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Police Returns 400 Metre From Shore After Spoting Andaman Tribe Armed With Bows And Arrows

Written By Daamini Sharma | Mumbai | Published:

Indian officers had a long-distance face-off with the tribe in their latest bid to locate the body of 27-year-old John Allen Chau on the remote island of Andaman and Nicobar, police said on Sunday.

Read: He lost his mind, definitely: John Chau's friends recall his year long research on Andaman tribe

The police team, who took a boat just off Indian-owned North Sentinel island on Saturday, spotted men from the Sentinelese tribe on the beach where John Allen Chau was last seen, the region's police chief Dependra Pathak said.

Read: Madhumala Chattopadhyay: Indian Woman Who Established First Friendly Contact With Sentinelese Tribe

Using binoculars, officers -- in a police boat about 400 metres from the shore -- saw the men armed with bows and arrows, the weapons reportedly used by the isolated tribe to kill Chau as he shouted Christian phrases at them.

"They stared at us and we were looking at them," said Pathak. The boat withdrew to avoid any chance of a confrontation.

Police are taking painstaking efforts to avoid any disruption to the Sentinelese -- a pre-neolithic tribe whose island is off-limits to outsiders -- as they seek Chau's body.

Read: Here Are Yogi Government's Specifications Along Which Lord Ram's Statue Will Be Constructed In Ayodhya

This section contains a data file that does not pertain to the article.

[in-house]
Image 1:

The death of the 27-year-old on November 17 has cast a new spotlight on efforts to protect one of the world's last "uncontacted" tribes whose language and customs remain a mystery to outsiders.

Fishermen who took Chau to North Sentinel -- which is one of the Andaman and Nicobar islands in the Bay of Bengal -- said they saw the tribe burying the body on the beach.

The Sentinelese normally attack anyone who goes to the island and Pathak said police are monitoring to see if there is a repeat of an incident after two fishermen who strayed onto the island were killed in 2006. One week after their deaths, the bodies of the two Indians were hooked on bamboo stakes facing out to sea.

"It was a kind of scarecrow," Pathak said.

"We are studying the 2006 case. We are asking anthropologists what they do when they kill an outsider," the police chief added. "We are trying to understand the group psychology."

(With inputs from agencies) 

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